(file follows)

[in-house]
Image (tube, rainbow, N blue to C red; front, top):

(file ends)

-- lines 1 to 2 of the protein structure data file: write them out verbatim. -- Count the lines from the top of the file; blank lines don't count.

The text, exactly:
[in-house]
Image (tube, rainbow, N blue to C red; front, top):